Blake N.K.,Montana State University | Stougaard R.N.,Northwestern Agriculture Res Center | Bohannon B.,Northwestern Agriculture Res Center | Weaver D.K.,Montana State University | And 12 more authors.
Journal of Plant Registrations | Year: 2014

'Egan'q hard red spring wheat (Triticum aestivum L.) (Reg. No. 1102, PI 671855) was developed by the Montana Agricultural Experiment Station and released in 2014. Egan is intended for production in areas of Montana infested with the orange wheat blossom midge (OWBM) (Sitodiplosis mosellana Gehin). Egan is resistant to OWBM due to antibiosis conferred by resistance gene Sm1. Egan also contains a chromosome segment originally introgressed into wheat from T. turgidum ssp. dicoccoides containing a gene for high protein (Gpc-B1) and a gene for stripe rust (caused by Puccinia striiformis Westend. f. sp. tritici) resistance (Yr36). Egan has shown high yield potential and high grain protein in nurseries grown under OWBM pressure in the Flathead Valley of Montana. Egan is the first hard red spring wheat cultivar with resistance to OWBM developed for Montana. © Crop Science Society of America. All rights reserved. Source


Lanning S.P.,Montana State University | Carlson G.R.,Northern Agriculture Res Center | Lamb P.F.,Northern Agriculture Res Center | Nash D.,Montana State University | And 9 more authors.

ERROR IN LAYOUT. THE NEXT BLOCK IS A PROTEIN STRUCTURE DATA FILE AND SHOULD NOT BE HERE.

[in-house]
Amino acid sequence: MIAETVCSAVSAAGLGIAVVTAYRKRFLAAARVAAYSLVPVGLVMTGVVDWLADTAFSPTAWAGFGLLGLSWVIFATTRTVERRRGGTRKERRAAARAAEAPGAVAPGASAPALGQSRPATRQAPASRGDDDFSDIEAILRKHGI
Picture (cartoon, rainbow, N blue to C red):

Journal of Plant Registrations | Year: 2011

'Duclair' hard red spring wheat (Triticum aestivum L.) (Reg. No. CV-1060, PI 660981) was developed by the Montana Agricultural Experiment Station and released in 2011. The objective for the development of Duclair was to provide a solid-stemmed, semidwarf cultivar for areas infested by the wheat stem sawfly (Cephus cinctus Nort.). Duclair was developed through initial generations of single seed descent of F2 seed from a 'Choteau'/MT0249 cross. Progeny lines were selected to have solid stems from Choteau, and extended green leaf duration from MT0249. Duclair was tested as MT0832 at sites across Montana in 2008, 2009, and 2010. Stem solidity of Duclair is similar to the solid-stemmed cultivar 'Fortuna' and slightly less than 'Choteau'. Duclair has shown good yield potential throughout Montana and its height is more desirable for dry conditions than Choteau. Duclair has grain protein levels similar to other hard red spring wheat cultivars and acceptable milling and baking characteristics. Duclair will be of interest to wheat growers in sawfly-infested areas of Montana and adjoining regions. © Crop Science Society of America. Source

Discover hidden collaborations